Lost at Home

 

New Kid on the Same Block  

Instead of stepping off the bus like I did for the past 8 years,  I stepped out of my parents car that first day of camp.  My 9th summer was here, first one as a counselor and my chance to give a group of girls the best summer of their lives. Orientation was upon me but the last thing I wanted to do was meet new people and open up.  I couldn’t wait to see my old friends and to spend another summer at home.  My brother previously worked at camp and told me before I left, “Perri, be friends with the other counselors, trust me, if you hang with just former campers your summer will suck”.

Shortly after turning 18 and fresh out of high school, being a counselor was my first real job, besides babysitting.  Not only was I working with strangers but I was living under the same roof as them.  On the first day, everyone started talking, introducing themselves and getting to know each other.  I shly introduced myself, thinking about how weird and foreign these people were and how much I didn’t want to be friends with them.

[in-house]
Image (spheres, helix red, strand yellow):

Later that day, talking with my friends we gossiped about all of our co-counselors, comparing stories about who had weirder people.  As everyone spoke I couldn’t help but think back to my bunks introuductions, everyone was actually normal, so why did I not want to be friends with them?  Was it the thought that I would lose my friends by making new ones? Maybe it was the fear that my older co-workers wouldn’t respect my ideas becuase I was younger.  Or was it the rumors I heard about how much international staff hated former camper counselors?  Nontheless I shook the thoughts in my head away and ignored what my gut was telling me.   This was my home I told myself, the place where I grew up and made lifetime friends.  There wasn’t a need for more.

The Breaking Point

As the first few days of camp went on I still kept my distance from the other counselors in my bunk.  One night, Harriet, a counselor in my bunk from England, made a joke to one of the campers.  The joke was funny, it was something I would of said but the camper didn’t laugh and I could fell the pain and embarresment Harriet was feeling.  Quickly I realized that Harriet and I were the same, with similar senses of humor we wanted to make our campers feel safe and at home.  I went over to both of them, added to the joke and we all started laughing.  Later on Harriet spoke to me, thanking me and I could tell how sincere and genuine she was.  Little did I know that moment gave me a friend of a lifetime.